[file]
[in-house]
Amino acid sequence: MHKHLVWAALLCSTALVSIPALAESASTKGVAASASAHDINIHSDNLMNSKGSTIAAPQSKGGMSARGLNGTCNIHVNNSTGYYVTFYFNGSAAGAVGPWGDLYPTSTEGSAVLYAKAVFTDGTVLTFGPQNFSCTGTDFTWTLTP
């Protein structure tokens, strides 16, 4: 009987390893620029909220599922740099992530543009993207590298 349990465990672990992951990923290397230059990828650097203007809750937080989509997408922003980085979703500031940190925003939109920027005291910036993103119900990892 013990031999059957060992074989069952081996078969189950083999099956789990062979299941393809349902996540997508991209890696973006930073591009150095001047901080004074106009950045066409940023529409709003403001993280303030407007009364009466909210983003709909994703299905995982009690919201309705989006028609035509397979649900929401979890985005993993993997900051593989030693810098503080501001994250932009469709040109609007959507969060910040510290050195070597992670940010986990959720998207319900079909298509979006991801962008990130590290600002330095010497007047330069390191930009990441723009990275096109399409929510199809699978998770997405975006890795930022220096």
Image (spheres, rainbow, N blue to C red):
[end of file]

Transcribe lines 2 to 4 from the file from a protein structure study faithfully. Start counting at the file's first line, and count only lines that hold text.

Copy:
Amino acid sequence: MHKHLVWAALLCSTALVSIPALAESASTKGVAASASAHDINIHSDNLMNSKGSTIAAPQSKGGMSARGLNGTCNIHVNNSTGYYVTFYFNGSAAGAVGPWGDLYPTSTEGSAVLYAKAVFTDGTVLTFGPQNFSCTGTDFTWTLTP
């Protein structure tokens, strides 16, 4: 009987390893620029909220599922740099992530543009993207590298 349990465990672990992951990923290397230059990828650097203007809750937080989509997408922003980085979703500031940190925003939109920027005291910036993103119900990892 013990031999059957060992074989069952081996078969189950083999099956789990062979299941393809349902996540997508991209890696973006930073591009150095001047901080004074106009950045066409940023529409709003403001993280303030407007009364009466909210983003709909994703299905995982009690919201309705989006028609035509397979649900929401979890985005993993993997900051593989030693810098503080501001994250932009469709040109609007959507969060910040510290050195070597992670940010986990959720998207319900079909298509979006991801962008990130590290600002330095010497007047330069390191930009990441723009990275096109399409929510199809699978998770997405975006890795930022220096």
Image (spheres, rainbow, N blue to C red):